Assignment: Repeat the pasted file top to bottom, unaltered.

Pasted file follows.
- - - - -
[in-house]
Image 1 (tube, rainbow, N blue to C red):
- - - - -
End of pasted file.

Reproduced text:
[in-house]
Image 1 (tube, rainbow, N blue to C red):